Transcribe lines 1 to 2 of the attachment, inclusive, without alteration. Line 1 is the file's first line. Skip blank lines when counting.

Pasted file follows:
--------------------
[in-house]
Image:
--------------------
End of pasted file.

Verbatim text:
[in-house]
Image: